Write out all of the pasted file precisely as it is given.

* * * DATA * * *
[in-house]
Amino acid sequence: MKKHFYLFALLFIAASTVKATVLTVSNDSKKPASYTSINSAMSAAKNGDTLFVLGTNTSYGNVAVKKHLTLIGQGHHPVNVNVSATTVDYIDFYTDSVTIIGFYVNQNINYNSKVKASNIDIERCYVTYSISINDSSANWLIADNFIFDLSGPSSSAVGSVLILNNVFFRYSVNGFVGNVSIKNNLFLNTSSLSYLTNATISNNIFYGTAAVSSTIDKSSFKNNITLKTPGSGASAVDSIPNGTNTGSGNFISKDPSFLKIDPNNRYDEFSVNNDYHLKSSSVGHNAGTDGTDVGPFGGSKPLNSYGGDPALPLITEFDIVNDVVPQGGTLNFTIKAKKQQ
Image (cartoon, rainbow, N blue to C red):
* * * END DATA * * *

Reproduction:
[in-house]
Amino acid sequence: MKKHFYLFALLFIAASTVKATVLTVSNDSKKPASYTSINSAMSAAKNGDTLFVLGTNTSYGNVAVKKHLTLIGQGHHPVNVNVSATTVDYIDFYTDSVTIIGFYVNQNINYNSKVKASNIDIERCYVTYSISINDSSANWLIADNFIFDLSGPSSSAVGSVLILNNVFFRYSVNGFVGNVSIKNNLFLNTSSLSYLTNATISNNIFYGTAAVSSTIDKSSFKNNITLKTPGSGASAVDSIPNGTNTGSGNFISKDPSFLKIDPNNRYDEFSVNNDYHLKSSSVGHNAGTDGTDVGPFGGSKPLNSYGGDPALPLITEFDIVNDVVPQGGTLNFTIKAKKQQ
Image (cartoon, rainbow, N blue to C red):